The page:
Montesquieu Institute: from science to society

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Tue 12 Nov
Miljoenennota

Politics Cafe: A brief guide to the annual budget

This Politics Cafe will be a 'behind the scenes' of the annual budget. How does the annual budget come into being? Why does the government make certain choices? And who influences the annual budget?

 

Mon 25 Nov
From left to right: Ms Angela MERKEL, German Federal Chancellor; Mr Emmanuel MACRON, President of France.

Haagsch College: Cafe Europe

Do Germany and France still determine the course in Brussels? Or have Poland and Hungary become more influential? And how have the powerrelations changed within the EU after the European elections and in times of Brexit?

 

Oratie Bert van den Braak

Fellow van het Montesquieu Instituut en PDC-medewerker Bert van den Braak hield op vrijdag 25 oktober 2019 zijn oratie als hoogleraar in Maastricht. De tekst en livestream zijn hier terug te zien en lezen.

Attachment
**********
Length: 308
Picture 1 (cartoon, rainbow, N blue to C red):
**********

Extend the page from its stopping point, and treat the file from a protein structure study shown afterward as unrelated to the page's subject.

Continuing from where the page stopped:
Film & Debate: Sorry we missed you

The British film 'Sorry we missed you' tells the story of the Turner family, that has been struggling financially. Father Ricky decides to buy a van and work as a delivery driver, but the pressure remains. After the film, a debate took place.

 

Debate: Yet another budget surplus: Are the Netherlands rolling in money?

For the fifth consecutive year, de Dutch government expects to achieve a budgetary surplus. This while there were many concerns about the public finances during the crises. What has changed in the past years? What is going to happen with this money? And will the public notice any changes? This debate took place on october 2, 2019.

 

Tue 12 Nov
Miljoenennota

Politics Cafe: A brief guide to the annual budget

This Politics Cafe will be a 'behind the scenes' of the annual budget. How does the annual budget come into being? Why does the government make certain choices? And who influences the annual budget?

 

Mon 25 Nov
From left to right: Ms Angela MERKEL, German Federal Chancellor; Mr Emmanuel MACRON, President of France.

Haagsch College: Cafe Europe

Do Germany and France still determine the course in Brussels? Or have Poland and Hungary become more influential? And how have the powerrelations changed within the EU after the European elections and in times of Brexit?